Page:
Weather bound in Caleta Mussel was what we was; until the 18th when we got under way again. Because of the tidal current in Paso Tortuoso which we were in as soon as we left the bay we had to wait until about one hour before high water before leaving. This meant that we couldn’t leave until about 14:30.
We got under way in light head winds and were motor sailing with just the main sheeted in tight giving us a bit of drive though the chop. Paso Tortuoso was busy on this day as in the first hour three big ships passed us on reciprocal courses and one overtook us; all of this in a passage not much wider than a quarter of a mile.
We got out of the pass making good progress and as the weather was light and forecast to remain so we decided that we would press on overnight as we were in a narrow channel with no dangers and good radar signature. Taking this decision means that we passed several good anchorages near the exit of the pass leaving quite a long stretch to the next good one.
Sometime after 18:00 we started encountering large rafts of kelp drifting in the straight. We didn’t really want to run into those at night as many contained solid lumps that could easily damage the prop, or the engine cooling intake could become blocked so we decided to make for Caleta Notch. Caleta Notch has quite a tricky approach so we had to get there with enough daylight and decided that if we could still see when we got there we would go in otherwise we’d continue. As it was we got there in the last gloaming of the day and could see just enough to get into a place to drop the anchor although the actual anchoring was done in pitch black darkness using the radar to check our position. The anchor was sitting on a smooth rock and not going to hold us in any breeze so Paula rowed a line ashore while I manoeuvred backwards. We had supper and slept a restless night due to the precarious anchorage although the weather was quiet.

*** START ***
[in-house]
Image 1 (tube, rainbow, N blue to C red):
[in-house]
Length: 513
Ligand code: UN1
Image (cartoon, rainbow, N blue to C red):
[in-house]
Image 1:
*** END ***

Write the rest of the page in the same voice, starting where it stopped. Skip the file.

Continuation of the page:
On leaving Caleta Notch in the morning we exited into a windy, wet and quite boisterous strait. It was 50/50 whether we would continue or turn back. I was about to turn around when a last scan with the binos gave me an inkling that there would be smooth water near the south shore; I was also remembering the words of an old hand in these parts “You can often make progress upwind in the channels if you brush the kelp with the side of your boat”. So off we went, 3rd reef in the main motor-sailing and made good progress across the strait. There was indeed smooth(er) water on the other side and over the day, following the coast line and playing any wind shifts that came along, we covered some good mileage.